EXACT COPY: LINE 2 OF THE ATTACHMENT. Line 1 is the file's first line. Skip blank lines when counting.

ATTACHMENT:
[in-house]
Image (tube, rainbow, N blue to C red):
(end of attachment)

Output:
Image (tube, rainbow, N blue to C red):